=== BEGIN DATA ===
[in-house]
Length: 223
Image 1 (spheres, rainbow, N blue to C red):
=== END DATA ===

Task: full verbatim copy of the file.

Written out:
[in-house]
Length: 223
Image 1 (spheres, rainbow, N blue to C red):